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Wednesday, March 23, 2011

Lahore Resolution - Qarardad-e-Lahore or Qarardad-e-Pakistan

Lahore Resolution


Minar-e-Pakistan Lahore, where the Pakistan Resolution was passed

A. K. Fazlul Huq.bmp
A. K. Fazlul Huq who present the Pakistan Resolution

The Lahore Resolution (Qarardad-e-Lahore), commonly known as the Pakistan Resolution (Qarardad-e-Pakistan), was a formal political statement adopted by the All India Muslim League at the occasion of its three-day general session on 22-24 March 1940 that called for greater Muslim autonomy in British India. This has been largely interpreted as a demand for a separate Muslim state, Pakistan. The resolution was presented by A. K. Fazlul Haq.

Although the idea of founding the state was introduced by Allama Iqbal in 1930 and the name Pakistan had been proposed by Choudhary Rahmat Ali in his Pakistan Declaration in 1933, Muhammad Ali Jinnah and other leaders had kept firm belief in Hindu - Muslim unity. However, the volatile political climate and religious hostilities gave the idea stronger backing.

Chaudhry Khaliquzzaman seconding the Resolution with Jinnah presiding the session


With the beginning of the Second World War in September 1939, the Viceroy of India Lord Linlithgow declared India's entrance into without consulting the provincial gevernments. In this situation, Jinnah called a general session of the All India Muslim League in Lahore to discuss the circumstances and also analyze the reasons for the defeat of Muslim League in the Indian general election of 1937 in some Muslim majority provinces.

Muslim League Working Committee at the Lahore session


The session was held between 22 March and 24 March, 1940, at Minto Park (now Iqbal Park), Lahore. The welcome address was made by Nawab Sir Shah Nawaz Mamdot. In his speech, Jinnah recounted the contemporary situation, stressing that the problem of India was no more of an inter-communal nature, but manifestly an international. He criticised the Congress and the nationalist Muslims, and espoused the Two-Nation Theory and the reasons for the demand for separate Muslim homelands. According to Stanley Wolpert, this was the moment when Jinnah the former ambassador of Hindu-Muslim unity totally transformed himself into Pakistan's great leader.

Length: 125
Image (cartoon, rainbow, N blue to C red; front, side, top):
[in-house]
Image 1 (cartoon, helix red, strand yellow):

Nawab Mamdot welcoming the Founder, Lahore March 1940

Sikandar Hayat Khan, the Chief Minister of the Punjab, drafted the original Lahore Resolution, which was placed before the Subject Committee of the All India Muslim League for discussion and amendments. The Resolution text unanimously rejected the concept of United India on the grounds of growing inter-communal violence and recommended the creation of an independent Muslim state. After the presentation of annual report by Liaquat Ali Khan, the Resolution was moved in the general session by A. K. Fazlul Haq, the Chief Minister of undivided Bengal and was seconded by Choudhury Khaliquzzaman who explained his views on the causes which led to the demand of a separate state. Subsequently, Maulana Zafar Ali Khan from Punjab, Sardar Aurangzeb from the NWFP, Sir Abdullah Haroon from Sindh, and Qazi Esa from Baluchistan, and other leaders announced their support. In the same session, Jinnah also presented a resolution to condemn the Khaksar massacre of 19 March, owing to a clash between the Khaksars and the police, that had resulted in the loss of lives

Draft Lahore Resolution- with proposed changes by Jinnah and Barkat Ali

The version which included a center that was later dropped

The statement

The principle text of the Lahore Resolution was passed on 24 March. In 1941 it became part of the Muslim League's constitution. In 1946, it formed the basis for the decision of Muslim League to struggle for one state for the Muslims.

The statement declared:

No constitutional plan would be workable or acceptable to the Muslims unless geographical contiguous units are demarcated into regions which should be so constituted with such territorial readjustments as may be necessary. That the areas in which the Muslims are numerically in majority as in the North-Western and Eastern zones of India should be grouped to constitute independent states in which the constituent units shall be autonomous and sovereign.

Additionally, it stated:

That adequate, effective and mandatory safeguards shall be specifically provided in the constitution for minorities in the units and in the regions for the protection of their religious, cultural, economic, political, administrative and other rights of the minorities, with their consultation. Arrangements thus should be made for the security of Muslims where they were in a minority.